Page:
Tuesday 19 June, 2018

Opposition Leader knocks government for new taxes

Opposition Leader, Joseph Atherley has raised a number of questions regarding the new tax measures announced in the Prime Minister's Mini-budget, saying the measures may bring more pain to an already exhausted economy.  

In his reply to the Mini-budget on Tuesday, Atherley praised government for keeping its manifesto promise of repealing the National Social Responsibility Levy (NSRL). But he noted that the slew of other taxes announced may very well be counter-productive to economic growth.  

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"The removal of that levy has been countered by the imposition of a raft of other taxes. The net effect of these new impositions, alternative to the NSRL, is likely also to be reflected in the negative impact on economic activity going forward." 

The increased tax measures outlined by Mottley include a new Fuel Tax, increased Corporation Tax, a room levy on hotel rooms, a departure tax for those travelling in and outside of CARICOM states, as well as a VAT charge on goods purchased online.  

Atherley said while the Fuel Tax was commendable as government tried to move away from the hefty cost of the Road Tax, he noted it may have an adverse impact on road users.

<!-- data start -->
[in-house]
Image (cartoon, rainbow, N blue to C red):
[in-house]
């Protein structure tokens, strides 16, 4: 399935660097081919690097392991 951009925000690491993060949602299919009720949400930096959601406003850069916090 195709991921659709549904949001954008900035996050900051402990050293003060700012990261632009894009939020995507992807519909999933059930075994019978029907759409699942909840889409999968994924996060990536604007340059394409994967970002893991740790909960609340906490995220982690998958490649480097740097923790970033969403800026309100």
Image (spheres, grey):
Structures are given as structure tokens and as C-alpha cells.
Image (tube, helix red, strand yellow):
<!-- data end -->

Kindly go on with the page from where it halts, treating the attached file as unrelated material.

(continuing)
"They [road users] will move from $400 in Road tax to $603.20 by payment at the pump." 

Atherley described the policies as "economic unwisdom" where government was trying to dampen consumption and at the same time rely on increased taxation to boost government revenue.  

He again questioned if government's policy was well thought out by its Economic Advisors or whether they were taking directive from external financial agencies.  

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"Are we truly devising a homegrown program of corrective measures or is this a reaction to signals we are receiving from the International Monetary Fund? 

"Did this government, with its 30-nil electoral victory, have a mandate for this approach to the problems in our economy? Did we sufficiently send signals of the painful path ahead?" 

Atherley also raised concerns about government's decision to suspend payments to creditors, saying it could do further harm to Barbados' reputation in the international market.  

He suggested government could have sought help with its debt from other countries such as China or perhaps even the United Arab Emirates. Atherley added he hoped the "awful medicine" government was administering to its citizens yielded the results intended over the next three years.  

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